ReMeDHe is an international working group for scholars of Religion, Medicine, Disability, Health and Healing in late antiquity, committed to inclusive collegiality at all stages of a scholar’s career.
What do we mean by scholar?
Within our working group every scholar is welcome as a valued colleague at every stage of their career, with or without institutional affiliation. Our membership is open to anyone with a professional interest in any aspect of our areas of scholarly focus and our Governing Board is structured with representatives in early, mid, and late careers.
Scholarship is the product; people are the priority. We are a working group of scholars producing academic works that address historic human concerns. Good scholarship happens when scholars have material support to live a life with dignity, meaning a fair wage, kind colleagues, physical safety, support in traveling, the ability to care for family, and access to professional resources and events.
A healthy professional life also includes time for friends and family, access to caregiving and caregiver support for ourselves and our loved ones, space to live authentically as one’s whole self, a respectful community of colleagues who offer grace in difficult seasons, leave without professional penalties, and access to comprehensive care for body and mind.
Because of this pro-people position, we invite discussion of equity issues in the workplace and will cooperate with and support the human rights of our membership. We also take care to share resources to help mitigate economic and practical barriers to participation in scholarly events.
Whole personhood includes sexual orientation, gender, race/ ethnicity, appearance, (dis)ability, neurotype, class, religious belief (and non-belief), and a host of other factors that make each of us unique. Everyone who embraces our inclusive values is wanted and welcome here.
We strive to be a space with grace in an academic landscape that is often unforgiving of our personal lives and needs. The best scholarship is supported by supporting each other first.
What do we mean by late antiquity?
Late antiquity is broadly defined from the third to the sixth century. Although we center this period in our community, some of our members specialize in earlier and later centuries. ReMeDHe members come from a range of disciplinary perspectives, including ancient historians, classicists, medievalists, religious studies scholars of various religious traditions, medical and social scientists. Although our geographic focus tends to be on the Mediterranean Basin, we welcome perspectives that range farther afield.
What do we mean by inclusive collegiality?
Inclusive collegiality is our guiding ethos. We approach each other with an assumption of competence and an attitude of mutual aid.
We believe that the field is best served and that the best scholarship is produced under conditions that promote human flourishing for all and in which all scholarly voices are given equitable weight and space. As we design our programs and resources, ReMeDHe is committed to core values that include accessibility; collaboration; diversity, equity, and inclusion; support and mentorship; accountability and transparency; warmth, kindness, and care.
Our best work is produced when we feel safe, respected, heard, and supported, and we work towards a community that realizes this standard. We strive to cultivate this climate in our programs and gatherings. This also means that we balance an assumption of good faith action in our communities with frank, direct conversations about areas where improvement is needed. As a society, we commit to both elements as necessary for a truly welcoming environment.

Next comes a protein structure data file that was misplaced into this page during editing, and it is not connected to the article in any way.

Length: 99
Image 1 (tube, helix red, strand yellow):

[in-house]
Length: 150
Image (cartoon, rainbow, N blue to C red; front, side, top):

We reject ableism. Conversations about medicine, disability, and health must adhere to the standard of “Nothing About Us Without Us;” this is at the heart of disability advocacy. Our work cannot be done without the perspective of those with lived experience, and the comfort and support of non-neurotypical people and people with visible and invisible disabilities is non-negotiable. Further, scholarship that excludes perspectives of those with lived experience falls short of disability advocacy. All scholars regardless of their accessibility needs benefit from venues that enable equitable participation.
We explicitly normalize and make space for different ways of existing in scholarly spaces. Irrespective of identity, all members should feel confident with our commitment to inclusive collegiality. We commit to using accessible methods to communicate with our membership and welcome requests for additional aids, and we gladly advocate for conferences, publications, institutions, and other professional spaces to do the same. We commit to creating the best conditions to realize this goal, and welcome feedback and suggestions with gratitude.We recognize that there are many other ways in which the scholarship and scholarly climate of Late Antiquity falls short of true inclusion. Racism, ethnocentrism, homophobia, colonialism, imperialism, religious intolerance, and all other kinds of exclusion should have no place among us, and our membership should be a safe home for a truly global community. To make this happen, we commit to having frank, open conversations about ways to improve that result in swift, equitable actions to correct ourselves when we fall short. To that end, if you have any questions about the details of our community standards and our aspirations for what inclusivity should look like in practice, please have a look at our ReMeDHe’s guide: Actions for Inclusivity in Scholarly Communities.